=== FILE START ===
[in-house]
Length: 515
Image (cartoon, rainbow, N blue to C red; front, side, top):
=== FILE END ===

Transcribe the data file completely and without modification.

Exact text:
[in-house]
Length: 515
Image (cartoon, rainbow, N blue to C red; front, side, top):